Strait of Georgia marine conservation action plan earns applause

October 3, 2002
For immediate release

Victoria, BC — TheSouthern Strait of Georgia National Marine Conservation Area (NMCA), announced today in Ottawa, will add significant protectionfor the marine environment of British Columbia’s south coast, according to a leading BC marine conservation group.

The Georgia Strait Alliance applauds Prime Minister Jean Chretien and Heritage Minister Sheila Copps for setting in motion Canada’s action to establish a protected marine zone in the southern Straitof Georgia. Complementing the new Gulf Islands National Park Reserve, the Southern Strait of Georgia NMCA will extend environmental protection into the marine realm. Parks Canadahas called the Strait of Georgia the most at risk natural environmentin Canada.

“This is a major milestone in the protectionof British Columbia’s exceptionally diverse marine ecology,”said Peter Ronald, Marine Habitat Coordinator of the Georgia Strait Alliance. “This area is extremely rich biologically,but it is under increasing stress from population growth, transportationand other development pressures.”

The sheltered, inland waters of the southern Strait are in dire need of protection:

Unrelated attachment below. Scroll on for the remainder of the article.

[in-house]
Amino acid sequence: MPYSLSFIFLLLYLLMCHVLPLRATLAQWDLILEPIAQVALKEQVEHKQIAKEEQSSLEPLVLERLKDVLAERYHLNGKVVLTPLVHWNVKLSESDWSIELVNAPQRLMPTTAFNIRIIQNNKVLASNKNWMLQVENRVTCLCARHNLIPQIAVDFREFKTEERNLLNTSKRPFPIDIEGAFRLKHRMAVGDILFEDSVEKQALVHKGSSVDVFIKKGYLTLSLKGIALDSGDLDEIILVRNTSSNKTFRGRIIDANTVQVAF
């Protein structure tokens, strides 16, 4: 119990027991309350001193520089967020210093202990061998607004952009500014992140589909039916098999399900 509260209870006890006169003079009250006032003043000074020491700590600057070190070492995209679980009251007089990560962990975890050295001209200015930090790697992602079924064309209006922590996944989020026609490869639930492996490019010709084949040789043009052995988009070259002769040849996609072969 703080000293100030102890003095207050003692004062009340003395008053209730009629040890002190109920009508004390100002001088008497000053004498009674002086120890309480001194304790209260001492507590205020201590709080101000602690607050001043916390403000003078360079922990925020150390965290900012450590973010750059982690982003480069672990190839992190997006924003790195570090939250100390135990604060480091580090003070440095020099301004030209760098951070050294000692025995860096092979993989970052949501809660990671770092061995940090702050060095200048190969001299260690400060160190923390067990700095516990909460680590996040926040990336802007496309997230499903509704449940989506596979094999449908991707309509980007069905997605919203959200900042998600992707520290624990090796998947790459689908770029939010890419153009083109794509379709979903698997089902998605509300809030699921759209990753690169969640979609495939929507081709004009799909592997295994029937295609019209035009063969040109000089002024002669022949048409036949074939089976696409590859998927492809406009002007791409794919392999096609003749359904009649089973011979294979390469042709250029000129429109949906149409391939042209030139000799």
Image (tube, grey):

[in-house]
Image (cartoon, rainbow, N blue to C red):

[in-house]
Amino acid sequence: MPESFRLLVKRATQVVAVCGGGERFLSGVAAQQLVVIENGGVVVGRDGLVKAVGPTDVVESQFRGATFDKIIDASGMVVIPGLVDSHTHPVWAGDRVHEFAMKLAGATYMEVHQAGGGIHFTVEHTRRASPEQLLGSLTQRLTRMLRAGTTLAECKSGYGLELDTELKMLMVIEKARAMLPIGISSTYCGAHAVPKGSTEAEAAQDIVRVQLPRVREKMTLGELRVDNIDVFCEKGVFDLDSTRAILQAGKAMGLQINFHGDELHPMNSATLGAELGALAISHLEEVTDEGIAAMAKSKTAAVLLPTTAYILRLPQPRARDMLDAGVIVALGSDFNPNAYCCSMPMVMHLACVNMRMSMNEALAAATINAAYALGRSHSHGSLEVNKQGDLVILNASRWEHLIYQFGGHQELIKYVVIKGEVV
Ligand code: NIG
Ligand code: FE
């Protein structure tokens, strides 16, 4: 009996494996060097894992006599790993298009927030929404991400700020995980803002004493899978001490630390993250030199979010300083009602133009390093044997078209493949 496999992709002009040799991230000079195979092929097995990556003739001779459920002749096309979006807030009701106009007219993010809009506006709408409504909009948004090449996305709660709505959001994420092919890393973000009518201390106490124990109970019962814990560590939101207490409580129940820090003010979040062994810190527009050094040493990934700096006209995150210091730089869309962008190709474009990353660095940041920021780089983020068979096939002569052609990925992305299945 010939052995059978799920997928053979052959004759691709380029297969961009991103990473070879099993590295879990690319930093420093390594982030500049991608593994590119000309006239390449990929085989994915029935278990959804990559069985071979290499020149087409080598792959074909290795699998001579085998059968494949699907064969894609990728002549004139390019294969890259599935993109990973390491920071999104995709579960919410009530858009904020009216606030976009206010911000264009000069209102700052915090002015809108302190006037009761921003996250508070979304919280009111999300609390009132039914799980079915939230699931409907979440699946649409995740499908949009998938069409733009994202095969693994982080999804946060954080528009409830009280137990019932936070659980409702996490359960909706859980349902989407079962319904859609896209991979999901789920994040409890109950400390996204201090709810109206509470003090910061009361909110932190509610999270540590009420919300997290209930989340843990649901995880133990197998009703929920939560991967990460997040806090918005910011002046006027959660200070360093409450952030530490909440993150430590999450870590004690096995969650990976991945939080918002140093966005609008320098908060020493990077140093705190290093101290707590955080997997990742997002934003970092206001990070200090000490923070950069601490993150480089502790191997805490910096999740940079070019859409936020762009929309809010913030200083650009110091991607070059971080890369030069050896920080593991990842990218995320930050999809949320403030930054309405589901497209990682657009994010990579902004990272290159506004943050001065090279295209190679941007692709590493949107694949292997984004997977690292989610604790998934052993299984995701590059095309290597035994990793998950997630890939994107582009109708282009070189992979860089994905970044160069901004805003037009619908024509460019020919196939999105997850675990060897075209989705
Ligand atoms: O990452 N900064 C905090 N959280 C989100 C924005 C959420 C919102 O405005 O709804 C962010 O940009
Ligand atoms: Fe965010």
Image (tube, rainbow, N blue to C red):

• The southern resident Orcas are endangered in Canada, currently numbering just 79 whales, representing a 20% decline in the last six years.
  • Puget Sound and Strait of Georgia Harbour seals and Orcas are amongst the most contaminated marine mammals in the world.
  • Lingcod and rockfish are at historically low levels and DFO managers have imposed severe restrictions on commercial and recreational catches in the Strait of Georgia. The entire US west coast groundfish fishery is closed from California to Washington State.
  • Eel grass, kelp beds, rocky reefs and other critical habitat have little real protection despite their important role as nursery, nesting and feeding areas for myriad ocean species.

Legislation passed this summer will enable Parks Canada to pursue a feasibility study for the area, which may extend from Gabriola to Discovery Islands, taking in some of the most heavily used waterways on the Pacific coast. This area is notonly the primary shipping route to and from Vancouver but is a recreational paradise for pleasure boaters, kayakers, divers, whale watchers and nature lovers of all kinds.

“The Southern Strait of Georgia National Marine Conservation Area will contribute significantly to the vision of the Orca Pass Stewardship Area, a large, international, zoned area specially managed for protection of aquatic habitat and species of the Strait of Georgia and northern Puget Sound,” said Ronald.